Thursday, February 13, 2014

Bahrain arrests 29 ahead of revolution anniv.

The Bahraini regime has arrested 29 protesters on the eve of the third anniversary of the revolution that shook the Persian Gulf kingdom.
The Interior Ministry said on Thursday that the protesters were detained in several villages across the country because of ‘rioting and vandalism,’ Reuters reported.
The ministry also threatened to take action against any calls to hold rallies and stepped up police patrols.
Bahrain's main opposition group al-Wefaq called for demonstrations to mark the anniversary of the uprising against the ruling Al Khalifa regime on Friday. Bahrain has been the scene of almost daily protests against the Al Khalifa regime since February 2011, when thousands of pro-democracy protesters took to the streets, calling for the royal family to leave power. On March 14, 2011, troops from Saudi Arabia and the United Arab Emirates invaded the country to assist the Bahraini regime in its crackdown on peaceful protesters. According to local sources, scores of people have been killed and hundreds arrested. Physicians for Human Rights say doctors and nurses have been detained, tortured, or disappeared because they have "evidence of atrocities committed by the authorities, security forces, and riot police" in the crackdown on anti-government protesters.


Ahmed Rushdi-Ay Abre-Karam Aj

Ko Ko Korina - May Ray Khayalon Pay Chaey Hai -Ahmed Rushdi

Day 63 of #VBMPLongMarch: Banuk Farzana Majeed and Mama Qadeer addressing the crowd

#VBMPLongMarch reaches to Lahore city

Day 63: #VBMPLongMarch reaches to Lahore city from Faiz Baluch on Vimeo.

Today was day 90 of #VBMPLongMarch from Quetta and 63 from Karachi to Islamabad for safe release of thousands of abducted Baloch from torture cells of Pakistani military and its secret agencies. Today VBMPLongMarchers started their walk from Thokar Niaz Baig and entered to Lahore city. Hundreds of people have joined the long march and showed their support to the families.

Pakistan's religious minorities struggle amidst roiling currents

By Jaweed Kaleem
Every Sunday, thousands celebrate Mass at St. Peter's, a three-floor, 21,000-square-foot Catholic church that's the biggest in Pakistan. Dressed in their best tunics and loose cotton pants, worshippers sit barefoot in the pew-less building -- a style adapted from nearby mosques -- as they sing hymns to the sounds of drums and a piano. As the sun sets, a light shines in a 24-hour prayer room, something common in Western nations but a rarity here.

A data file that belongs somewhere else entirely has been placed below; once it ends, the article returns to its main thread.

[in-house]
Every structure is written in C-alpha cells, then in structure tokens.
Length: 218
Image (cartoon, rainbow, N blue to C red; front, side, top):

The success of St. Peter's, which cost $3.8 million to build -- making it the most expensive in the nation when it opened two years ago -- has been hailed as a sign of progress for Christians and religious minorities. Yet beyond its bold size and growing attendance, the difficulties parishioners face stand out here as much as at any other non-Muslim house of worship in this overwhelmingly Islamic country. Guards are outside to protect worshippers from would-be suicide bombers and attackers. Prayers for recent Christian martyrs are said regularly during services. Priests use nonalcoholic wine or grape juice during Holy Communion, partly because it's cheaper, but also to avoid inflaming Muslims who believe drinking is sinful.
While global leaders have focused efforts in this part of the world on fighting the increasing sway of extremists, activists and human rights observers have noticed a different problem spreading inside Pakistan: the targeting of religious minorities. This month, a Pew Research Center report named Pakistan, which is 96 percent Muslim, one of the most hostile nations for religious minorities. Pew placed the country among the top five overall for restrictions on religion, singling out its anti-blasphemy statutes. Courts frequently use such laws to give death or lifetime-jail sentences to minorities accused of insulting Islam. Often, their crime is as simple as openly professing their own faiths. A study on Pakistan from the United States Commission for International Religious Freedom counted more than 200 attacks among religious groups and 1,800 casualties resulting from religion-related violence between 2012 and mid-2013, one of the highest rates in the world.
The problem isn't limited to Christians. All religious minorities in Pakistan face daily reminders of their plight, including discriminatory laws, forced conversions, and bombs and shootings aimed at minority-sect Muslims, such as Shiites and Ahmadis. According to human rights groups, public school textbooks regularly demonize minorities and emphasize the nation's Islamic roots over contributions from people of other faiths. Labor studies have shown minorities stuck on the lower rung of the economy, often working as servants, sweepers and day laborers. Newspapers occasionally report on businesses that deny non-Muslim customers.